Comfy Blankets

by | Mar 7, 2021 | Uncategorized

Terry’s baby blanket

This post is about comfy blankets. For some they conjure up cozy nights in front of the fireplace.  For others they are a traditional welcoming present for a new baby.  Whatever your approach, there are a lot of options with regard to purpose, size and materials.  

There are baby blankets, elegant throws for the sofa, the classic “car blanket” or cozy afghan, large ruanas that can double as a blanket, lap blankets for wheelchairs, and full size blankets for a bed.  They can be made from practical washable yarns, luxury fibres or sweater weight wool.    

There are a number of ways to weave a blanket depending upon the equipment you have and your ingenuity.  The major issue is how to create a long rectangular piece of cloth that is wide enough to serve as a blanket.  The major limitation is the width of the loom on which you plan to weave the blanket.
What follows are two examples of equipment extremes.
Linda’s blanket warp on 60″ loom

Our guild is lucky enough to have a 60″ wide counter balance loom.  It is ideal for weaving a wide blanket in one piece.  The photo above shows a multi-coloured wool warp wound on the loom’s sectional beam.  The warp was the foundation for a man-sized blanket.
At the opposite end of the equipment spectrum we have the baby blanket wrapped around the teddy.  It was woven with a washable synthetic yarn on a 20 inch rigid heddle loom in 3 panels.  The panels were joined by a decorative herringbone stitch.  The challenge with this approach is to weave the pattern consistently for the length of the warp so that you can match it across the 3 panels.  You can also add interest by highlighting the join with hand sewing.  
Mary’s blended colour blanket

  

 Mary’s large blanket is another example of a pieced blanket.  It has muted stripes symmetrically arranged around a panel of blues.  The middle panel was woven separately and added as a design feature.  It also avoids any irregularities in matching the two sections that were woven on the same warp.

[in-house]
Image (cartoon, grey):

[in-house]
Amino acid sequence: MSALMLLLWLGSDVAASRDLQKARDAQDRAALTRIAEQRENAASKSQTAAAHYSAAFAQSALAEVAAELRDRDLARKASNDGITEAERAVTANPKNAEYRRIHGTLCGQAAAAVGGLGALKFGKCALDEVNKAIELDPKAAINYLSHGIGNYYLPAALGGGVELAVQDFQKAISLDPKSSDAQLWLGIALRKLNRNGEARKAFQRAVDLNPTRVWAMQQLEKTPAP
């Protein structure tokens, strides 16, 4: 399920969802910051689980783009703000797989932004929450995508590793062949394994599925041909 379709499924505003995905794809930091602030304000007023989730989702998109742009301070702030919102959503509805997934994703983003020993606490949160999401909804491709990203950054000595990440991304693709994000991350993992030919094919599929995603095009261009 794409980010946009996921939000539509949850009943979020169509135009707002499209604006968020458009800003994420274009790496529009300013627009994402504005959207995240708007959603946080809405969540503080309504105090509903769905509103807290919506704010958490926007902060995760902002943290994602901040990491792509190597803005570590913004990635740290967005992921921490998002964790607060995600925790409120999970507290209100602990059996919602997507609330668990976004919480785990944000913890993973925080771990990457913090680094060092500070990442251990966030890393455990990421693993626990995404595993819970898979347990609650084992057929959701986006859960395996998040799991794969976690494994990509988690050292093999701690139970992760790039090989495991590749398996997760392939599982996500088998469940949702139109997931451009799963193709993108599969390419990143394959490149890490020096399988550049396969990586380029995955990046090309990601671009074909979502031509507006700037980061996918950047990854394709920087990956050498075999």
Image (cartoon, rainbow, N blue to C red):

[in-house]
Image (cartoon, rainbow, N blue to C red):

Throws, afghans and lap blankets are often narrow enough to be woven as one piece on a 45 inch or even a 36″ loom.
 
The blue throw with fine stripes of textured thread is an example of  designing the cloth “in the reed”.  This designing technique starts with a number of small warps, each consisting of a different yarn.  The order of the yarns in the warp is determined as you thread them through the reed.  This is a great way of using up small amounts of fancy threads.  The throw was a cooperative effort by 3 guild members.  Pauline and Myrtle designed the warp and Kathy wove it on one of the studio looms  
Mixed warp throw
The plaid mohair afghan was also woven in one piece on a 45 inch loom.  On a loom 45 inch loom you can weave a blanket that is 40 inches wide in one piece.  The blanket will be brushed vigorously to bring up the mohair nap which helps to trap heat.
Jackie’s mohair blanket

If you loom is too narrow to weave a blanket as one piece you can always try a double weave technique.  With this technique you weave two layers simultaneously.  If those layers are only joined on one side then the resulting cloth is (almost) twice as wide as the warp.  It takes some practice to make the joined edge invisible in the final cloth but once mastered the technique is fast and easy.  It avoids problems with matching patterns.  With 8 or more harnesses you can make a patterned blanket without the worry of matching the patterns.
The cotton carriage blanket was woven on a 36″ loom in a plain twill.  The weft was a variegated yarn the same thickness as the striped warp.
double weave carriage blanket

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